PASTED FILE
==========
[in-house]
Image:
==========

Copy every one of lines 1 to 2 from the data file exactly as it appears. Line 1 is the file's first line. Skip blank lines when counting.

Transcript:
[in-house]
Image: